The trend in annual damages from global disasters is rising and almost broke $200 billion in 2012, according to World Bank figures released Monday. And three-fourths of the losses are due to extreme weather.
The report, which makes the case for greater global investment in climate resiliency and disaster risk management, found that worldwide losses from such events have been steadily rising since at least 1980. “Over the last 30 years, the world has lost more than 2.5 million people and almost $4 trillion to natural disasters,” said Rachel Kyte, World Bank Vice-President for Sustainable Development, citing work from the global reinsurance giant Munich Re. “And three quarters of those losses are a result of extreme weather.”
The damage can vary significantly from year to year. The specific losses for 2012 were just over $150 billion, for example. And there was a record spike to over $400 billion in global losses in 2011 — a year, according to work from the Center for American Progress, that included just over $160 billion in damages from extreme weather in the U.S. alone.
But when it extracted the overall trend line from the variations, the World Bank found a steadily accelerating rise from approximately $50 billion in 1980 to just under $200 billion last year:
Global warming driven by the burning of fossil fuels is a major culprit here: the latest United Nations review found that scientists are 95 percent certain that humanity’s carbon dioxide emissions have driven the majority of climate change since the 1950s. That’s the same level of certainty they ascribe to the conclusions that cigarettes are deadly and the universe is 13.8 billion years old.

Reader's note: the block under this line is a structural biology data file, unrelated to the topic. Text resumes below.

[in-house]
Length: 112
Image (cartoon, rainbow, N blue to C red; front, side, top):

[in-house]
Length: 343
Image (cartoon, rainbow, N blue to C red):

What global warming does is shift the overall window of possible weather events, so that more of them fall into the range of extreme droughts, wildfires, storms, floods and so forth. It’s like a baseball player on steroids, where their use ups the overall prevalence of unusual hits rather than “causing” any individual home run. “While you cannot connect any single weather event to climate change, scientists have warned that extreme weather events will increase in intensity if climate change is left unchecked,” Kyte continued.
The people most vulnerable to this rising tide of weather disasters are the global poor in areas like South Asia and Sub-Saharan Africa. They’re the populations least able to prepare for or absorb the effects of extreme weather — particularly in urban areas where climate change threatens to disrupt food supplies — and they’re the least able to recover from “recurrent, low-intensity events” than cumulatively cripple livelihoods, entrench global poverty, and exacerbate global inequality.
The World Bank estimated that 325 million of the global poor could be exposed to weather disasters by 2030. The recent 2014 Climate Change Vulnerability Index also pegged those populations, which are finally on the cusp of attaining real economic development, as facing “extreme risk” from climate change.